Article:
Wednesday, 28 March 2012

More on whether Canada's federal scientists being 'muzzled'?

There is another article on CBC that discusses the issue of whether Canada's federal scientists being 'muzzled'? ... Well perhaps it is a good time to review the Communications Policy of the Government of Canada that took effect on August 1, 2006 replacing the old one from 2002. Read for yourself and decide whether there is a directive from the government that prevents the scientists to talk to the media, especially note article 19 and 20, also copied below: "19. Media Relations
Journalists and other media representatives play an important role in the democratic process - providing the public with news and information about government, and reporting on the public's views and opinions of government. Institutions must cultivate proactive relations with the media to promote public awareness and understanding of government policies, programs, services and initiatives.
Institutions must operate and respond effectively in a 24-hour media environment. They must be able, on short notice, to reach and inform the media on issues of importance to decision-makers and the public. Institutions engage the media using a variety of communication tools, including news conferences, background or technical briefings, news releases, and audio-video presentations.
Institutions must facilitate information or interview requests from the media, and manage plans and strategies for communicating with the media. Institutions must consult their minister's office when planning media campaigns or strategies that could involve ministerial participation, or when preparing a response to a media enquiry that could have implications for the minister.
Institutions must respect the authority and responsibility of Parliament, whose members are entitled to learn about planned legislative initiatives before information about them is released to the media.
Institutions must ensure the quality and consistency of information services provided to the media in both official languages. Media enquiries, whether by phone, email, letter or in person, must be addressed promptly to accommodate publication deadlines.
Institutions must ensure processes and procedures are in place to assist managers and employees in responding to media calls. Communication specialists responsible for media relations ensure that media requests, particularly for interviews or technical information on specialized subjects, are directed to knowledgeable managers or staff designated to speak as official representatives of their institution. (See Requirement 20 for policy direction on spokespersons.)
20. Spokespersons
Ministers are the principal spokespersons of the Government of Canada. They are supported in this role by appointed aides, including executive assistants, communication directors and press secretaries in ministers' offices, and by the senior management teams of government institutions, which include deputy heads, heads of communications and other officials.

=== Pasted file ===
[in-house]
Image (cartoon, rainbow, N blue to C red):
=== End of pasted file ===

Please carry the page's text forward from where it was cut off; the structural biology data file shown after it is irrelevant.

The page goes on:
Ministers present and explain government policies, priorities and decisions to the public. Institutions, leaving political matters to the exclusive domain of ministers and their offices, focus their communication activities on issues and matters pertaining to the policies, programs, services and initiatives they administer.
An institution's senior management must designate managers and knowledgeable staff in head offices and in the regions to speak in an official capacity on issues or subjects for which they have responsibility and expertise.
Officials designated to speak on an institution's behalf, including technical or subject-matter experts, must receive instruction, particularly in media relations, to carry out their responsibilities effectively and to ensure the requirements of their institution and this policy are met. (See Requirement 19 for policy direction on media relations.)
Spokespersons, particularly senior managers, are often called upon to represent institutions before parliamentary committees and boards of inquiry. To ensure effective communication that respects official protocol, spokespersons must be familiar with Privy Council Office guidelines on appearing before Parliament and other official bodies.
Spokespersons at all times must respect privacy rights, security needs, matters before the courts, government policy, Cabinet confidences and ministerial responsibility. When speaking as an institution's official representative, they must identify themselves by name and position, speak on the record for public attribution, and confine their remarks to matters of fact concerning the policies, programs, services or initiatives of their institution."

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